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Red meat and cancer risk study provokes industry reaction

15-Jun-2005

Large European study supports previous findings that suggests red and processed meat consumption increases the risk of colorectal cancer, fuelling immediate reaction from meat industry that claims the study fails to "prove cause and effect", reports Lindsey Partos.

The EU wide research that spanned ten countries and tracked nearly half a million consumers concluded colorectal risk increases by 49 per cent per 100 grams of daily consumed red meat, to cover pork, beef, veal, and lamb.

 

By contrast, their findings suggest that high fish intake may reduce the risk, although "existing evidence is less convincing," write the researchers.

 

This latest study builds on accumulating research, first published in 1990, that indicate the link, although with nearly 500,000 participants, this is one of the largest cohorts of men and women to examine the relationship between diet and cancer.

 

"The absolute risk of developing colorectal cancer within ten years for a study subject aged 50 years was 1.71 per cent for the highest category of red meat intake and 1.28 per cent for the lowest category," report the researchers based in academic institutions across Europe, from Lyon in France to German Cancer Research Center in Heidelberg.

 

These figures, write the study authors, take account of the influence of different factors such as gender, body weight, alcohol comsumption, physical exercise or smoking on the disease risk.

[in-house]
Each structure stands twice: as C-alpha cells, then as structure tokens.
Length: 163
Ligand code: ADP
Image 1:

Defending its industry, the American Meat Institute Foundation immediately rejected the study and its findings, accusing the study of being epidemiological, " which means it does not prove cause," the industry body said in a statement yesterday.

 

The group claims the study's relative risk of 1.71 should be viewed with 'sceptism', and quotes the epidemiologist Ernst Wynder who, in the American Journal of Epidemiology in 1986, said relative risks under 3.0 are suspect.

 

"We should not rush to judgment about a causative implication when in fact the word 'association' ought to be used," said Wynder.

 

The most important fact is that the larger body of evidence has shown processed meats are a healthy part of a balanced diet, added the American Meat Institute Foundation yesterday.

 

But researchers working on the European Prospective Investigation into Cancer and Nutrition (EPIC) claim the analysis is based on 1.329 cases of rectal and colon cancer that have been newly diagnosed among participants since the study begun.

 

"Study subjects who had eaten a lot of what is called "red" meat, or such meat products, were diagnosed with colorectal cancer more often than persons who ate only little of it," they report in the 15 June issue of the Journal of the National Cancer Institute.

 

People who eat diets rich in meat also tend to eat less fibre and less fish, they add.

 

Those who ate a lot of fish were found to have a significantly lower colorectal cancer risk compared to those with a low fish consumption. The consumption of poultry played no role for colorectal cancer incidence, they write.

 

Looking into the reasons behind their findings, the scientists propose different explanations: recent studies suggest that the intake of iron contained in meat may contribute to risk elevation, because iron can promote the formation of harmful nitroso compounds in the body.

 

On average, red meat or meat products have a higher iron content than poultry, which may explain why consumption of the latter may not have influenced colorectal cancer risk in this study.

 

The protective effect of fish consumption may be caused by specific long chain, polyunsaturated omega-3 fatty acids.

 

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